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How Reading Counters Meanness

I have a story for you.  It’s a story about a little girl who loved to read.  When she was very young, she saw all of her family–mother, father, brother–always immersed in books.  Her father and brother read wonderful stories to her from those books.  She begged to be taught to read herself and finally her brother taught her because she couldn’t wait until she was in school to get to read stories herself.

austen reading by the window

Years passed.  Friends came into her life.  They laughed at the books she always carried, but they also asked what each story was about.  The girl began to write stories of her own, trying to match the wonder she found in Raggedy Ann stories and Nancy Drew mysteries.  She never stopped writing stories or reading books.  In high school, all her teachers encouraged her to become a writer.  With knowing smiles, they allowed her to read her own book when she should have been paying attention in class.  She discovered new authors without assistance–Charles Dickens, Alexandre Dumas, Jane Austen.  She began to understand history in a way she wouldn’t have otherwise.  When stress or meanness came into her life, she had a place to go, always.  She always had a book.

Last week, my beautiful husband was sick.  He had bronchitis, sinusitus, and an upper respiratory infection.  He was not feeling well at all, and he stayed home from work the whole week.  This meant I ran more than usual, hopping into the car to go to the store and pick up this or that for him.  Apparently it was a bad week for everyone around here, because about 80% of the people with whom I came into contact were grumpy and mean.  Or condescending and mean.  Or annoyed and mean.

high five

If you’ve been reading me for any length of time, then you know that I believe that the most important human trait is kindness and that I practice it every moment.  When people are mean to me, I have to admit,  I get confused.  If I am being polite, friendly, kind… why the hell are people responding to me this way?  Don’t get me wrong, I don’t take a lot of guff, and when a situation calls for strength, I find it.  But if the cashier at the gas station stares a hole through me because I’m taking too long to put my change away, am I supposed to stare back?  Attack her, either verbally or physically?  Well, no, the situation calls for none of those things.  I don’t know what’s going on in her life to make her so impatient–I don’t even know her name–so why would I pull out my cranky card?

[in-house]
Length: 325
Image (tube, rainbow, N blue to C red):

get well card

After one particular similar situation, I left the store and climbed into my car.  My brain was still trying to assess the event and I was feeling confused and a little hurt and a little offended and a little like, “Why the f— did I come out in public again?”  I put the keys in the ignition and looked down at the console.  There sat my Kindle.  Ready to be turned on, the text-to-speech option almost blinking at me with its serenity.  And I smiled.  And I forgot the meanness inside the store as I remembered I had a beautiful story to listen to on the way home, and I didn’t know that woman.  She didn’t even know my name.  In an hour she will have forgotten me.  In 2 minutes, I would forget her.  I turned on my Kindle, put the car in reverse, and smiled as that wonderful robotic voice began to read to me.

I had a book.  I always have a book.

This.  This is why we want to engender a love of reading in our children.  Sure, there are other reasons–to promote literacy and good speech, to help them learn about the world, to give them knowledge.  But the single best thing about a book is that it takes you away.  I’ve said it before, but I fully believe that teaching our littles to love reading gives them a healthy form of escapism and could save them from trying other, more dangerous ways to escape.  Sure, I could have come straight home and poured a stiff drink to shake off that incident.  It probably would have relaxed me.  But by the time I got home I would have been stewing in it for 15 minutes, blowing it up in my head, letting my feelings hurt even more.  I might have needed 2 drinks at that point. haha

reading escape

 

Instead, I had immediate succor.  Something that relaxed me and made the incident seem as trivial as it really was.  We want that for our kids, don’t we?  Because no matter how much we want to and how hard we try, we can’t protect them from all the mean people in the world or all the temporarily mean moods.

There is nothing more relaxing than falling into a good story and staying there until your brain is ready to deal with your problems.  So read to your littles.  Read in front of your littles.  Have your littles read to you.  Read, read, read.

Some day, when they’re pulling away from the store with an oncoming headache, they will thank you.